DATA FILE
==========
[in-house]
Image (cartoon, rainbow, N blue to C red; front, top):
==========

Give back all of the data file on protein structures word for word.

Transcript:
[in-house]
Image (cartoon, rainbow, N blue to C red; front, top):